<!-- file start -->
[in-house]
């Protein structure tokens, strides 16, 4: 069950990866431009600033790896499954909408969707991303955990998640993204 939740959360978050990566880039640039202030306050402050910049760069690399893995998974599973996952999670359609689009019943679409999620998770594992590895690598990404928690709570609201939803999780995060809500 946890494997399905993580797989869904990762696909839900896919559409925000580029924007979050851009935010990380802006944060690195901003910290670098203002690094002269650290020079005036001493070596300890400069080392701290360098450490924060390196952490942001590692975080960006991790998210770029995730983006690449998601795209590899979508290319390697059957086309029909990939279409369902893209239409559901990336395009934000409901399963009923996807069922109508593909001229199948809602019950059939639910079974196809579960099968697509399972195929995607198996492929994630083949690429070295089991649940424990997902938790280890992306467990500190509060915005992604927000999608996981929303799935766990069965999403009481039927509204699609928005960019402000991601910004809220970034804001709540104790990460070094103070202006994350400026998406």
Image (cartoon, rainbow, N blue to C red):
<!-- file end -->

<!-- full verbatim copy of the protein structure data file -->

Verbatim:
[in-house]
């Protein structure tokens, strides 16, 4: 069950990866431009600033790896499954909408969707991303955990998640993204 939740959360978050990566880039640039202030306050402050910049760069690399893995998974599973996952999670359609689009019943679409999620998770594992590895690598990404928690709570609201939803999780995060809500 946890494997399905993580797989869904990762696909839900896919559409925000580029924007979050851009935010990380802006944060690195901003910290670098203002690094002269650290020079005036001493070596300890400069080392701290360098450490924060390196952490942001590692975080960006991790998210770029995730983006690449998601795209590899979508290319390697059957086309029909990939279409369902893209239409559901990336395009934000409901399963009923996807069922109508593909001229199948809602019950059939639910079974196809579960099968697509399972195929995607198996492929994630083949690429070295089991649940424990997902938790280890992306467990500190509060915005992604927000999608996981929303799935766990069965999403009481039927509204699609928005960019402000991601910004809220970034804001709540104790990460070094103070202006994350400026998406």
Image (cartoon, rainbow, N blue to C red):